It’s nice to see this outlandish man exposed on national media. As I blogged yesterday, Pastor Charles Worley of Providence Road Baptist Church in Maiden, NC recently told his congregation during a sermon that his solution to dealing with LGBTs is to send them to concentration camps to starve to death. Among other things, he said on video:
“Build a great, big, large fence — 150 or 100 mile long — put all the lesbians in there. Do the same thing for the queers and the homosexuals and have that fence electrified so they can’t get out…and you know what, in a few years, they’ll die out…do you know why? They can’t reproduce!
Pitiful. Stupid. Vile. But hasn’t Worley crossed the IRS line with this claptrap? Lisa Derrick at La Figa:
Then at 1:24, Pastor
HateWorley preaches from the pulpit:
Somebody says, Who are you gonna vote for?” I ain’t gonna vote for a baby killer and a homosexual lover.
Under the Internal Revenue Code, all section 501(c)(3) organizations are absolutely prohibited from directly or indirectly participating in, or intervening in, any political campaign on behalf of (or in opposition to) any candidate for elective public office.
And according to the North Carolina Secretary of State, Providence Road Baptist Church is a non-profit corporation. The IRS’ Tax Exempt Organization Manager in charge of the Mid-Atlantic region is:
Vincent A. Fusco
Internal Revenue Service
5990 W Creek Road
Independence, OH 44131-2190
Last night Anderson Cooper took on this garbage, interviewing Rev. Welton Gaddy of the Interfaith Alliance.
Worley’s putrid bigotry was also discussed by Martin Bashir with Anthea Butler, Associate Professor of Religious Studies at University of Pennsylvania. She said (via the New Civil Rights Movement):
I would say we need to sit down and look at scriptures together. Just as much as they say there is not a biblical justification for [same-sex marriage], people on the other side can make the justification from scripture. The problem about this is they are inflating two issues. One is a civil right and the other is what is their religious right and everybody interprets scripture a different way. So I think what we have to do is stop allowing people to come on TV and quote scriptures all the time and say that’s it, God settles it. If they don’t know the different between an errant, literal and infallible means, they shouldn’t be talking about it.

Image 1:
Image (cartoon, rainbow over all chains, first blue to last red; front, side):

And what about Worley’s influence here in NC? I’ve never heard of him; he’s a clown out of the backwoods. All of these bigots have been riled up by the passage of Amendment One, and feel empowered to take it to the “final solution.” Look at one of the biggest proponents of A1, Patrick Wooden, who probably agrees with Worley. Alvin McEwen, from his post, “Crazy North Carolina pastors? Blame the Amendment One vote“:
I think the old man thinks too much of himself. For centuries the gay community have withstood violence, hatred, and ignorance wrapped up in a religious package. We have withstood scorn, ridicule, and also disease. I hardly think that the silly plans of a backwoods preacher can bring us down.
But sadly, I don’t solely blame Worley for his outrageous comments. I also blame the National Organization for Marriage and its recent successful Amendment One campaign. I’ve always said that wherever the organization goes, it leaves destroyed communities in the wake of its anti-marriage equality campaigns with people having to make amends with each other for voicing negative opinions about gays that were brought to the forefront.
Now in the case of North Carolina, NOM’s sickness has infected several pastors.
Worley is just one. Let’s not forget the diaper pastor Patrick Wooden who, because of NOM’s Amendment One campaign, claimed that gays have so much sex that we require stitches and diapers. He later doubled down on that lie and also claimed that gays use cellphones as sexual instruments.
That’s Wooden right there on the right at the Amendment One victory party. Doesn’t that look like a cell phone in his hand? If it is, I don’t want to know where he got it.
Regardless if you are gay or straight, Christian or not… this rhetoric is dangerous and harmful. Taking a peaceful stand for our right to life, liberty and the pursuit of happiness is paramount.
More details about the protest will be posted to this page soon. Please, only RSVP if you plan to come. If you are out of town, and support our cause but will not be coming to the event, please do not RSVP. In lieu of participating in this event, you can email Pastor Worley at email@example.com, to let him know what you think of his rhetoric. Remember, making threats against Pastor Worley will not help our cause and may result in criminal charges against you. Keep your message clean, clear and peaceful.